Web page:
Its base is cornflower water. This plant is rarely used in cosmetics (probably because it has been almost eradicated by pesticides and, therefore, expensive) although it is a known anti-inflammatory and has been used for treating ocular disorders for more than a century.
I won't dwell on obvious ingredients like grapeseed, but highlight some of the more unusual and beneficial botanicals: rosehip, a good source of vitamin C; ylang ylang, a skin and hair strengthener; cymbopogon martini Oil, which is extracted from a kind of grass and is good for counteracting oily skin; clary sage, which may have a mild effect on skin regeneration; linden flowers for anti-inflammation.
One of my favorites is patchouli, the dreaded hippy oil. It turns out that this pungent plant is a heavy duty antioxidant. I found at least one convincing study commending it as such that was published in Oxford Journals. Well, who knew.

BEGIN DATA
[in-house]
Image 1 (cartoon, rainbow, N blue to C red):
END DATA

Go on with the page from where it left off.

Not all plants are benign, as anyone who has tried to make friends with a nettle will know. Five Benefits uses clove oil. This is a natural preservative, but animal studies have shown that it can cause irritation at low doses.
A few quibbles: alcohol (drying), starch and emulsifiers (fillers); hexyl cinnemal, a perfume, is a class B allergan, linalool (in lavender), considered toxic to skin cells according to one study. But on balance, they seem a little churlish.